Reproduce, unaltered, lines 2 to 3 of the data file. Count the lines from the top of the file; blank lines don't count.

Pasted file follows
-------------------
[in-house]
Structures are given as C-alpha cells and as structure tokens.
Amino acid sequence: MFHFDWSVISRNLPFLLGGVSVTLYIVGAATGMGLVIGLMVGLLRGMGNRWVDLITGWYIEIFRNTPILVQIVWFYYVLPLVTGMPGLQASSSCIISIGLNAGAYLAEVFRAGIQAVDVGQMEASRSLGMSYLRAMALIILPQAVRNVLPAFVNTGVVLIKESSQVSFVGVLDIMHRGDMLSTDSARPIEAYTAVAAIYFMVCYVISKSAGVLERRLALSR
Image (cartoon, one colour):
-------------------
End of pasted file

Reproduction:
Structures are given as C-alpha cells and as structure tokens.
Amino acid sequence: MFHFDWSVISRNLPFLLGGVSVTLYIVGAATGMGLVIGLMVGLLRGMGNRWVDLITGWYIEIFRNTPILVQIVWFYYVLPLVTGMPGLQASSSCIISIGLNAGAYLAEVFRAGIQAVDVGQMEASRSLGMSYLRAMALIILPQAVRNVLPAFVNTGVVLIKESSQVSFVGVLDIMHRGDMLSTDSARPIEAYTAVAAIYFMVCYVISKSAGVLERRLALSR